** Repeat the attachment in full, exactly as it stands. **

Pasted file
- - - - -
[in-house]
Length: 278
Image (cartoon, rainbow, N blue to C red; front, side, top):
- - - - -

[in-house]
Length: 278
Image (cartoon, rainbow, N blue to C red; front, side, top):